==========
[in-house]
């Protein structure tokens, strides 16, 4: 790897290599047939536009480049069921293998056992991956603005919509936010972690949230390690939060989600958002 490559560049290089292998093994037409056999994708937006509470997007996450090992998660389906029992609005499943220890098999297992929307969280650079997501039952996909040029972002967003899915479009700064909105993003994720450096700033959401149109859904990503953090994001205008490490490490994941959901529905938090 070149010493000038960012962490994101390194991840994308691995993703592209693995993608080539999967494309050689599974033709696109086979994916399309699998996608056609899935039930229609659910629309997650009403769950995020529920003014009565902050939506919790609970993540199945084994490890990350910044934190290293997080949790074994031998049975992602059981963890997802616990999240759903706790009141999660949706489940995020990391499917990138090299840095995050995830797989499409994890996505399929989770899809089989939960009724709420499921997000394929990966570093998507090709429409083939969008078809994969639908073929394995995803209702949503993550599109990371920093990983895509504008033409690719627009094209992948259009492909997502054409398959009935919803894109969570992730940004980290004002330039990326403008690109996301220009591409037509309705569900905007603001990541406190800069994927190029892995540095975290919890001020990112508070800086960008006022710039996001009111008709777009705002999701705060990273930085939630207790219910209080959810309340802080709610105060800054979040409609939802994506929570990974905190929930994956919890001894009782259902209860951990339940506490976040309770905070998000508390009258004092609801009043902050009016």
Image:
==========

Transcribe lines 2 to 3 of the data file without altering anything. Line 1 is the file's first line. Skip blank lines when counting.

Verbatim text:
């Protein structure tokens, strides 16, 4: 790897290599047939536009480049069921293998056992991956603005919509936010972690949230390690939060989600958002 490559560049290089292998093994037409056999994708937006509470997007996450090992998660389906029992609005499943220890098999297992929307969280650079997501039952996909040029972002967003899915479009700064909105993003994720450096700033959401149109859904990503953090994001205008490490490490994941959901529905938090 070149010493000038960012962490994101390194991840994308691995993703592209693995993608080539999967494309050689599974033709696109086979994916399309699998996608056609899935039930229609659910629309997650009403769950995020529920003014009565902050939506919790609970993540199945084994490890990350910044934190290293997080949790074994031998049975992602059981963890997802616990999240759903706790009141999660949706489940995020990391499917990138090299840095995050995830797989499409994890996505399929989770899809089989939960009724709420499921997000394929990966570093998507090709429409083939969008078809994969639908073929394995995803209702949503993550599109990371920093990983895509504008033409690719627009094209992948259009492909997502054409398959009935919803894109969570992730940004980290004002330039990326403008690109996301220009591409037509309705569900905007603001990541406190800069994927190029892995540095975290919890001020990112508070800086960008006022710039996001009111008709777009705002999701705060990273930085939630207790219910209080959810309340802080709610105060800054979040409609939802994506929570990974905190929930994956919890001894009782259902209860951990339940506490976040309770905070998000508390009258004092609801009043902050009016």
Image: